From Delhi, the counterclockwise route immediately took me over a steep hill, Belle Hill. Normally I don’t like to start off with a hard climb, not having the chance to warm up first. Doing the loop in reverse would have avoided it, but I really wanted to do the loop this way, because it includes a five mile descent I had been eagerly waiting to do. As with so many hills around here, the peaks are punctuated, so by the time your rear wheel reaches the top, your front wheel is practically heading down the other side. As I reached the top of Belle Hill, not quite warmed up, the pavement turned to dirt, and I enjoyed the first of many lovely descents.
Dick Mason Rd, Delhi
At the bottom, I followed the valley out of Delhi to Meredith along Peaks Brook Rd, a quiet paved road with a slight but steady uphill grade. After a couple of miles, it turns to dirt, and after a few more miles of gentle climbing, another three miles of descending on dirt.
Peaks Brook Rd, Delhi
Peaks Brook Rd, Meredith
At this point, I mistakenly turned onto Warren Rd, thinking it was a continuation of Peaks Brook Rd. This led me north toward Treadwell, a cute hamlet that John passed through on his Delaware 85 route he posted about this past summer (his masterpiece!).
Cow warning, heading into Treadwell
Oddly, despite growing up here, I hadn’t ever passed through Treadwell. I was glad I had made the wrong turn, giving me the excuse to finally see it– it boasts an adorable general store that has been continuously run since 1841. I highly recommend working Treadwell into any local routes– there aren’t many places in the area with food and facilities, and here you can get sandwiches, fresh baked goods and roofing nails. The atmosphere is infinitely more charming and welcoming than any gas station/convenience store you might find, and it’s a fun step back in time. I returned to Treadwell with my family the next day, my kids bought penny candy!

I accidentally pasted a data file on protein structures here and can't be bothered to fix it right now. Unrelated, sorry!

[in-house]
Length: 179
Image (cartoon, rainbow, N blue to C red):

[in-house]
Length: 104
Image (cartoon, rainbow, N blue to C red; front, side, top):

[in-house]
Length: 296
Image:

Barlow’s General Store, Treadwell
From Treadwell, I headed back south on County Highway 16 towards Hamden– as John did. But shortly outside Treadwell, I detoured off onto Douglas Hall Rd, which wound around some farms as it climbed steadily.
Cows, Douglas Hall Rd
A surprise awaited me when I reached the four-way junction on top. I had originally planned to turn onto Snake Hill Rd (which I would have been on had I not detoured into Treadwell), but when I saw the single-lane dirt road straight ahead, with the sign: Seasonal Limited Use Highway. No maintenance Dec 1 – April 1, I had to change course once again… whenever you see that sign in this area, it’s a promise of a worthwhile investigation.